And all the stories have certain similarities; the pets are acutely interested in a small, targeted area of their human’s body. They tend to sniff and paw or dig at an area, sometimes relentlessly, returning to the same place again and again over time. Dina Zaphiris, a dog trainer and medical scent detection expert based in Los Angeles, has seen this behavior thousands of times in the 20-plus years of her professional life, which includes training search and rescue dogs. This phenomenon is not surprising to her at all. She knows that dogs can smell cancer. In fact, she has trained them to do it.

NEEDLE IN A HAYSTACK

Enthusiastic about her work, Dina can talk at length about dogs’ abilities, especially their unique connection to helping people. “Dogs and humans co-evolved, and very few other species have done that,” she says. “Our survival depended on each other.” For centuries, humans have relied on dogs’ extraordinary scenting capabilities to do things we can’t. Dina says, “Dogs can smell things in parts per trillion. An example of that would be (smelling) one drop of blood diluted into 20 Olympic-size swimming pools.” It’s the equivalent of finding the proverbial needle in a haystack.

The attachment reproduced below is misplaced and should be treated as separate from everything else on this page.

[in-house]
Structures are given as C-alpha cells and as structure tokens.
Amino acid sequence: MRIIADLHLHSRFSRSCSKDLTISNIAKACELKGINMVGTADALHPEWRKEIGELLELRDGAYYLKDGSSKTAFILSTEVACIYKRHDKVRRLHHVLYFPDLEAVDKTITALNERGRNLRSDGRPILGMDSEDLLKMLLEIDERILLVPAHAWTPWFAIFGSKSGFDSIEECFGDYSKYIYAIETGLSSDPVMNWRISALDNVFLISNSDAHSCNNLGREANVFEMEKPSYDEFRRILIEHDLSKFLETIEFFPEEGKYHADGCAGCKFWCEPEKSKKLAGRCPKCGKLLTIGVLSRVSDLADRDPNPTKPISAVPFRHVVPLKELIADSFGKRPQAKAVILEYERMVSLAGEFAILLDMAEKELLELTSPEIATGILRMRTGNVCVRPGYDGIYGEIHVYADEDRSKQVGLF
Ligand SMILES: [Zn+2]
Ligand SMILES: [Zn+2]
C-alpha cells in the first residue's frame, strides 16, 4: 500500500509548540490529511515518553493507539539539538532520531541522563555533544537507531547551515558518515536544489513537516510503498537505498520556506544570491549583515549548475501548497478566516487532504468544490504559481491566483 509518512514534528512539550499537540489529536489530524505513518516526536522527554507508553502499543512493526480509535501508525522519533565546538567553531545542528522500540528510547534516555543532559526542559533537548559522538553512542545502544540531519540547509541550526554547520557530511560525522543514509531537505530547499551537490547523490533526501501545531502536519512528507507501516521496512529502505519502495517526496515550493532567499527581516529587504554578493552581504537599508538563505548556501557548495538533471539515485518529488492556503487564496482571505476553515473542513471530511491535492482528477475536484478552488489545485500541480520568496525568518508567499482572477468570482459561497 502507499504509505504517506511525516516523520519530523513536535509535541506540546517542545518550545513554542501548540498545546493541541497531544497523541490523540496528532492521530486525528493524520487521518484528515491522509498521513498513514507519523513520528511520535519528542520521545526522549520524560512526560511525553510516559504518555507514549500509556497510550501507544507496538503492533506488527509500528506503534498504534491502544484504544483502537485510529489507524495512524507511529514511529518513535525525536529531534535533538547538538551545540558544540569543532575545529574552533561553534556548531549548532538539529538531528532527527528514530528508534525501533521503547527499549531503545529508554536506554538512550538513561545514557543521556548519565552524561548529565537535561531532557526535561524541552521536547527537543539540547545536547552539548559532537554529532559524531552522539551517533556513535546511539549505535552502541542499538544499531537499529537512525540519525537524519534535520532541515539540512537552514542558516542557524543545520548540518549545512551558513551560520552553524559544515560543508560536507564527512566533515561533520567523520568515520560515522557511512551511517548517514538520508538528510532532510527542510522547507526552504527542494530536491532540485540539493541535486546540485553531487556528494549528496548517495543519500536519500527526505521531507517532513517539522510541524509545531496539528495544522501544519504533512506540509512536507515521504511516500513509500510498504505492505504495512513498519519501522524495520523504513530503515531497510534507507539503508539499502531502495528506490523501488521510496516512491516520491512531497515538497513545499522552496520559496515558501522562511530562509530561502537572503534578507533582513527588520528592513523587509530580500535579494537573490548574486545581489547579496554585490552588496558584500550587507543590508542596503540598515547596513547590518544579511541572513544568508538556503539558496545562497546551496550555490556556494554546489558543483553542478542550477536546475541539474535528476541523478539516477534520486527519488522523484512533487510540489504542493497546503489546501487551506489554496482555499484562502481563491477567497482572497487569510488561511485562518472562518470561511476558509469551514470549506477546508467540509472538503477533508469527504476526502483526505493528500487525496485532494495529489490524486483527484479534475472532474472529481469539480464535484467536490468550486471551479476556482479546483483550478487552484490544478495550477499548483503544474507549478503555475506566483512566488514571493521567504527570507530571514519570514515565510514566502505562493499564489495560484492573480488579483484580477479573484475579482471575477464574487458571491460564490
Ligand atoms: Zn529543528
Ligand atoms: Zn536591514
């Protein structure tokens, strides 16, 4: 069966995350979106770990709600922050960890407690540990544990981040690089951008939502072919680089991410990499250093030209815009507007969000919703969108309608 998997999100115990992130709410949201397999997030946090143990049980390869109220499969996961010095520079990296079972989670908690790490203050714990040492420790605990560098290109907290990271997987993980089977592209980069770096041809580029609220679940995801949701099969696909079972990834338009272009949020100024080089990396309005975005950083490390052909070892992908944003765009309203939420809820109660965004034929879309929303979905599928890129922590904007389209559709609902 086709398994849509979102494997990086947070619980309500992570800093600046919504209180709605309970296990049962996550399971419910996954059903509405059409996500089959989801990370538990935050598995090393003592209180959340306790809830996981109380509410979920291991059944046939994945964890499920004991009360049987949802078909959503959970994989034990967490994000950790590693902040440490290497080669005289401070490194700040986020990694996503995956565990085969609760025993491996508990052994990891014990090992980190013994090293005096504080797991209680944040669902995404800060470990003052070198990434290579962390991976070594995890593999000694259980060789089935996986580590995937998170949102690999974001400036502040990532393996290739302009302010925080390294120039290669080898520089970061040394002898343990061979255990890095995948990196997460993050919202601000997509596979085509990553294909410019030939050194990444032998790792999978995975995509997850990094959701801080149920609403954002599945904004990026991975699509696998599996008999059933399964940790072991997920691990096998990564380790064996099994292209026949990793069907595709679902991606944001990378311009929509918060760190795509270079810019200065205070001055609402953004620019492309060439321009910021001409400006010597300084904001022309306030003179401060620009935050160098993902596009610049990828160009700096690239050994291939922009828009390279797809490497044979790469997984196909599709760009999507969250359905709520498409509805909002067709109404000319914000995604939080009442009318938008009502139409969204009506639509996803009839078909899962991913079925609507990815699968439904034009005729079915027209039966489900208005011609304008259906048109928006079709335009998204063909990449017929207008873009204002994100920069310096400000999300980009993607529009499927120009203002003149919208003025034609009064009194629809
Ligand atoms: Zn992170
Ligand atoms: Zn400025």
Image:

Training dogs to find people, drugs and bombs has been going on successfully for decades. But training dogs to sniff for medical purposes is relatively new. Dina says, “Medical sensitivity is very, very different (from) what most scent detection trainers have been trained to do.”

In 2003, Dina participated in her first study with the Pine Street Foundation, a California nonprofit dedicated to cancer research and education. The purpose of the study was to determine how accurately dogs could detect lung and breast cancer in human breath samples. Evidence already existed that there were biochemical markers in exhaled breath from lung and breast cancer patients, but no technology was able to analyze chemicals in the breath to accurately detect cancer’s presence.